If humans weren't polluting the atmosphere, the climate would still be changing. The only difference is time scale and possibly the temperature delta.
This is why building cities right up against the shoreline isn't a very good idea in the long term. And, no, you can have ports without building metropolises right next to the water. Someone's going to say that I'm a "climate denier" which is totally false because I believe in anthropogenic global warming.
With climate change, we're looking at drastic coastline changes over the next 100 years. 100 years is extremely short for cities - it probably takes about that to go from being a town to being a city, if you have excellent growth rates.
To move a city in 100 years is probably flat-out impossible, just for cost reasons alone. Most cities are hard-pressed to pay for maintenance of roads and essential services, and service their already crushing debt levels. City governments are not going to manage it, which means the citizens of the cities are going to shoulder the costs. We're going to see large-scale financial hardship in coastal cities going forward, and multiple cities going bankrupt and into decline.
Venice will likely have to take similarly-drastic measures, and they're a lot harder to take given that modern-day Venice is much bigger than 1850's-1860's Sacramento.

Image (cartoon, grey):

Scale matters a lot.
Another factor too: people tend to overestimate the value of their positive contributions and underestimate the damage of their negative ones. Probably by an order of magnitude in both directions, in which case many of us are adding a hundred times less value than we imagine, if we're adding value at all.
Frankly the problem with Venice is not where it's built or climate change. The problem is that Italy has become a country living by the day and entirely unable to discuss and plan and act seriously for the future (or the present, for that matter).
The MOSE project that should have saved Venice from the high tides has been discussed for almost thirty years before even starting the construction, which then proceeded at snail pace with stops and go, lack of funding, corruption, and political quarrels.
Nature has never been benign. There are countries that are organized and efficient and dominate it- see the Netherlands. There are others that spend time in squabbles and suffer from each flood, storm or earthquake- see Italy.
If it found itself under the Adriatic in 50 years, I imagine it would simply become an underwater Disneyland. The architecture might actually be better preserved for future generations; for example, had Venice sunk prior to the mid-80’s, there wouldn’t be a McDonald’s there (yup, there’s a McDonald’s in Venice.)
I guess it really depends on each person but not having cars really makes up for many other disadvantages.